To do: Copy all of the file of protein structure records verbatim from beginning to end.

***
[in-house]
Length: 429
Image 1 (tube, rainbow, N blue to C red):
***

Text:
[in-house]
Length: 429
Image 1 (tube, rainbow, N blue to C red):